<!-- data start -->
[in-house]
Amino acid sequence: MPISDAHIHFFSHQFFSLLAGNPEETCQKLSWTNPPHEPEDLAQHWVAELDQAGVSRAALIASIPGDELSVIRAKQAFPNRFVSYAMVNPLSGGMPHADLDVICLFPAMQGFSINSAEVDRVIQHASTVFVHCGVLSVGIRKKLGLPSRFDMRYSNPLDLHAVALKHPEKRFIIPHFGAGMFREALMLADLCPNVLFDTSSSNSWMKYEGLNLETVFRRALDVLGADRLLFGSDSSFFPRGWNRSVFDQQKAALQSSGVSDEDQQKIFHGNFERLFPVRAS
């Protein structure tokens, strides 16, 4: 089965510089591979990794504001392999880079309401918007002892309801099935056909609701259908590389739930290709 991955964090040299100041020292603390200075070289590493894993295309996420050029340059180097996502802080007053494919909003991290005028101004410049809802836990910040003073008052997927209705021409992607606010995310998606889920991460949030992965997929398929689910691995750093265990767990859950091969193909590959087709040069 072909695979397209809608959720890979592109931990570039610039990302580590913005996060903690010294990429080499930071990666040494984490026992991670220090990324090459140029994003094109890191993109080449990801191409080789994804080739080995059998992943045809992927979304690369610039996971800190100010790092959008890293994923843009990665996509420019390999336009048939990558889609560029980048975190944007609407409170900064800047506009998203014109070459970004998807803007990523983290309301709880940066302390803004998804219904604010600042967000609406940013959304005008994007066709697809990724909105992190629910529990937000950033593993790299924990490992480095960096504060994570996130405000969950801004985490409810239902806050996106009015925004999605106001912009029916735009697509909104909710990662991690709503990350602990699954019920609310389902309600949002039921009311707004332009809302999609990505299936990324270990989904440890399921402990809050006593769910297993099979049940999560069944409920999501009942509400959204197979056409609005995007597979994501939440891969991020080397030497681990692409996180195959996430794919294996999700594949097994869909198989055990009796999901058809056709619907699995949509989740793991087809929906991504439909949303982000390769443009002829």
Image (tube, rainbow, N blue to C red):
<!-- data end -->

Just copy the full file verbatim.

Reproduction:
[in-house]
Amino acid sequence: MPISDAHIHFFSHQFFSLLAGNPEETCQKLSWTNPPHEPEDLAQHWVAELDQAGVSRAALIASIPGDELSVIRAKQAFPNRFVSYAMVNPLSGGMPHADLDVICLFPAMQGFSINSAEVDRVIQHASTVFVHCGVLSVGIRKKLGLPSRFDMRYSNPLDLHAVALKHPEKRFIIPHFGAGMFREALMLADLCPNVLFDTSSSNSWMKYEGLNLETVFRRALDVLGADRLLFGSDSSFFPRGWNRSVFDQQKAALQSSGVSDEDQQKIFHGNFERLFPVRAS
């Protein structure tokens, strides 16, 4: 089965510089591979990794504001392999880079309401918007002892309801099935056909609701259908590389739930290709 991955964090040299100041020292603390200075070289590493894993295309996420050029340059180097996502802080007053494919909003991290005028101004410049809802836990910040003073008052997927209705021409992607606010995310998606889920991460949030992965997929398929689910691995750093265990767990859950091969193909590959087709040069 072909695979397209809608959720890979592109931990570039610039990302580590913005996060903690010294990429080499930071990666040494984490026992991670220090990324090459140029994003094109890191993109080449990801191409080789994804080739080995059998992943045809992927979304690369610039996971800190100010790092959008890293994923843009990665996509420019390999336009048939990558889609560029980048975190944007609407409170900064800047506009998203014109070459970004998807803007990523983290309301709880940066302390803004998804219904604010600042967000609406940013959304005008994007066709697809990724909105992190629910529990937000950033593993790299924990490992480095960096504060994570996130405000969950801004985490409810239902806050996106009015925004999605106001912009029916735009697509909104909710990662991690709503990350602990699954019920609310389902309600949002039921009311707004332009809302999609990505299936990324270990989904440890399921402990809050006593769910297993099979049940999560069944409920999501009942509400959204197979056409609005995007597979994501939440891969991020080397030497681990692409996180195959996430794919294996999700594949097994869909198989055990009796999901058809056709619907699995949509989740793991087809929906991504439909949303982000390769443009002829």
Image (tube, rainbow, N blue to C red):